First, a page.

As the interim deputy director of the institute, Dr. Marc Postman works collaboratively with the interim director to lead the institute as a whole and advance the institute’s objectives. He provides leadership and vision for all of our activities and champions a science-driven approach to support our missions and the communities we serve.
Dr. Postman previously served as the chair of the institute’s science staff, where he worked to support research productivity by advocating for the needs of our researchers. From late 2019 to 2022, he sought ways to maintain the scientific environment during the challenges posed by the pandemic, helped establish new initiatives to support researchers, implemented policies to ensure diversity and inclusion on key STScI science committees, expanded access to science staff meetings, and consulted with the research staff to involve the institute in a number of exciting research initiatives. From 2005 to 2019, Dr. Postman led the community missions office, where he guided the institute’s role in providing science operations support for a number of ground- and space-based observatories that are led by independent astronomical groups in partnership with STScI. During that period, he and his staff helped STScI acquire key roles in supporting NASA’s Kepler, the Nancy Grace Roman Space Telescope, and Transiting Exoplanet Survey Satellite (TESS) missions and broadened the range of new initiatives that STScI pursues.
Dr. Postman’s primary research interest has been the formation and evolution of structure in the universe, from galaxies to the largest superclusters. He was a member of the science investigation team for the Advanced Camera for Surveys instrument that was deployed on the Hubble Space Telescope in 2002. From 2010 to 2017, Dr. Postman lead an international team of researchers to conduct a 525-orbit survey with the Hubble telescope to study dark matter in galaxy clusters and to detect some of the most distant galaxies in the universe. He is an observational astronomer and has used a wide range of telescopes on the ground and in space, covering the electromagnetic spectrum from radio and infrared to ultraviolet and X-rays.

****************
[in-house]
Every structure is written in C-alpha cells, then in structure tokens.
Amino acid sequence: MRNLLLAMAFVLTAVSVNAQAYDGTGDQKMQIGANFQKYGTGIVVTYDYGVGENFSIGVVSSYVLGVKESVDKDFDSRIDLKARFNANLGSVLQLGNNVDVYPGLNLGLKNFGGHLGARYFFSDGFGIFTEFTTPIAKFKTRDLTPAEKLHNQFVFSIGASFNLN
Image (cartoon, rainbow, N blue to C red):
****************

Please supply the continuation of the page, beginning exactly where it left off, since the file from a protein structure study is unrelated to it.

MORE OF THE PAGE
Dr. Postman was the principal investigator for a NASA concept study on the next generation space telescope known as ATLAST and a team member of a follow-on NASA study for the Large Ultraviolet Optical Infrared Surveyor, called LUVOIR. LUVOIR will be able to search for and detect signs of life in the atmospheres of dozens of exoplanets and will be able to probe individual structures as small as 100 solar masses out to z=10. Dr. Postman served on the initial Roman Space Telescope science definition team and on one of its formulation science working groups. Dr. Postman has published over 195 refereed research articles and holds the title of Distinguished Astronomer.
PhD in Astronomy, Harvard University
SB in Physics, Massachusetts Institute of Technology
Evolution of massive galaxies
Galaxy cluster distribution
The origin and evolution of large-scale structure in the universe
Research Topics: High-Redshift Galaxies; Galaxy Groups and Clusters; Galaxy Formation and Evolution; Dark Matter; Large-scale Structure
ORCID ID: 0000-0002-9365-7989